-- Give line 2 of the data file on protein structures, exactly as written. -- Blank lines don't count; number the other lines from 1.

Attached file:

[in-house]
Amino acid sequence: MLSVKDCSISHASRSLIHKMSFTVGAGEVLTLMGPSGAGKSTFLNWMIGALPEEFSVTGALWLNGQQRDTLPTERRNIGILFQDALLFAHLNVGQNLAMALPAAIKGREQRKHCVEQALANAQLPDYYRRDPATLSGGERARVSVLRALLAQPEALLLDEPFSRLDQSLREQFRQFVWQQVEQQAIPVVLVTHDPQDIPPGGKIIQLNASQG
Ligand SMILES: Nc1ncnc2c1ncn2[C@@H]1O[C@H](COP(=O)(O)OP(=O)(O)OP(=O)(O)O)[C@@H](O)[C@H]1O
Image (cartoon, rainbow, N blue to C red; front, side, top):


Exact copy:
Amino acid sequence: MLSVKDCSISHASRSLIHKMSFTVGAGEVLTLMGPSGAGKSTFLNWMIGALPEEFSVTGALWLNGQQRDTLPTERRNIGILFQDALLFAHLNVGQNLAMALPAAIKGREQRKHCVEQALANAQLPDYYRRDPATLSGGERARVSVLRALLAQPEALLLDEPFSRLDQSLREQFRQFVWQQVEQQAIPVVLVTHDPQDIPPGGKIIQLNASQG